6 Steps Every Business Must Take to Protect Against Personal Injury Lawsuits

The law expects that all businesses must take the proper steps to ensure that the customers and clients visiting their premises are safe and protected from injuries and accidents. Although unforeseen incidents cannot be prevented, every business owner should be prepared for the possibility of having to deal with personal injury lawsuits.

As a store or company owner, you must take the basic precautions to ensure that your setup remains safe from lawsuits brought by employees or customers. Keep in mind that plaintiffs suing your company even with a small complaint can cost you millions of dollars if found to be valid. It might interest you to know the U.S. Department of Justice estimates that each year 16,397 personal injury cases are presented in court. This number makes up only 4% of the total number of incidents with the other 96% being settled out of court.

Here are some of the initiatives you can implement on a regular basis.

1. Conduct Regular Training Sessions for Your Employees

Educate your employees about the importance of a creating a hazard-free workplace, both for the people who work in the company and for customers, vendors, and any other visitors so that personal injury lawsuits are avoided. Remember, even if the incident occurs because of the negligence of a worker, you could still be held responsible.

  • Set up a protocol that employees must strictly follow when using equipment. Train them carefully so that even the simplest of tasks are performed without causing injury or creating a hazard. For example, a smart stacking system that won’t cause products to tumble with casual brushing.
  • Insist that all equipment is stored carefully after use and not left lying around so it can hurt people.
  • On your part, keep all equipment well-maintained and in perfect working order.
  • As a feature in Business.com explains, teach your employees to keep a sharp lookout for loose railings and floorboards, torn carpets, shaky tiles and bricks, or any other potential hazard.
  • Welcome feedback from your workers regarding any health and safety issues that need to be dealt with.

2. Invite Professional Health and Safety Inspections

Even if you’re not the property owner, as the lessee, it is up to you to ensure that the building is safe. You can conduct regular inspections of the structure to look for any risks and hazards that can potentially lead to personal injury lawsuits resulting from negligence on the part of the store owner. If possible, get a professional to inspect the external and internal sections, sidewalks outside, storerooms, stairways, hallways, restrooms, and all other areas of the company structure. Yet another smart strategy is to call in an attorney who has the necessary experience in litigation to take a look around and identify any weak spots.

3. Conduct All Maintenance and Renovations Out of Working Hours

Schedule any cleaning and maintenance tasks out of business hours so that they don’t cause any slips and falls. For instance, water or soap on the floor, ladders in the hallways, and tools lying around could hurt visitors. You can also risk a personal injury lawsuit because of the dust or fumes from cleaning solutions. If you must have the repair jobs done right away, section off the area with the mandatory yellow signs warning visitors of the risks.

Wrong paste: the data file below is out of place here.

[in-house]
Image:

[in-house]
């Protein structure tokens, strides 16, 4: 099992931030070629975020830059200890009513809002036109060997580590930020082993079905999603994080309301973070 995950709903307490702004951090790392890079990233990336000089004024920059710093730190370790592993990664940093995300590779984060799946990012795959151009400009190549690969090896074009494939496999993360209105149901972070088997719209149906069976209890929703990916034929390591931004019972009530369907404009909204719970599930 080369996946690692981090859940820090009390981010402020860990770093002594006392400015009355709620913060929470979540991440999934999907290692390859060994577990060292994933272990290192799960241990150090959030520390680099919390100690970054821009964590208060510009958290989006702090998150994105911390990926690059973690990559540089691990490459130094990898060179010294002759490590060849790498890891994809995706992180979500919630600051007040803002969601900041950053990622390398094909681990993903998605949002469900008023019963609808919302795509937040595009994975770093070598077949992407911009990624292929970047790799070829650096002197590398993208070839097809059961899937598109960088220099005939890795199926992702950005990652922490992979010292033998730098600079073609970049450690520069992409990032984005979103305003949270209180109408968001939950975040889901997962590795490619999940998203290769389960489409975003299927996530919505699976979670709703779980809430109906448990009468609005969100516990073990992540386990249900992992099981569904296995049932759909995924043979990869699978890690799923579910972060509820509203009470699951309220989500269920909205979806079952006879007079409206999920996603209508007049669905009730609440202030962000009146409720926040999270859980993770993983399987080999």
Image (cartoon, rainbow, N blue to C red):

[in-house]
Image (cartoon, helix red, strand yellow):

4. Organize the Workplace Carefully

Organize your store or workplace carefully so that there is no clutter lying around that can cause tripping incidents. Mark out all corners carefully with signs that are clearly visible. Arrange the desks and aisles with enough moving space. If your organization has earned certificates and licenses for health and safety precautions, you might want to display them. In this way, you offer assurance to customers that your company takes all the necessary care for their protection.

 

5. Talk to Your Insurance Company about General Liability Coverage

Getting protection against personal injury lawsuits that can cause significant losses is a good move. As an article on FindLaw reveals, accidents can also occur in areas where the lighting is inadequate or because of natural weather conditions like rain water or melted snow that can result in a slip-and-fall occurrence. General liability insurance can provide you with coverage in case you get sued. In addition to personal and bodily harm, the insurance also protects you from advertising injury, slander, libel, damage to property and any other risks.

6. Handle an Accident with Tact and Sensitivity

You can take all the possible precautions to secure your establishment but accidents can take place. It is advisable to stay informed on the best measures to take when an incident occurs. For instance, have an updated first-aid kit always at hand. Inform emergency services right away and do everything you can to add to the comfort of the injured person. Create a detailed account of the incident and request all the other people around for statements. Record their impressions along with their names and contact information in case you need to call them in as witnesses. Also, get in touch with your attorney to prepare for the possibility of a personal injury lawsuit.

In addition to the costs of litigation, you may have to deal with the loss of reputation of your business in case an accident and its fallout takes place. Protect your company from unwanted and unfavorable publicity by doing the best you can to secure the premises and avoid personal injury lawsuits.

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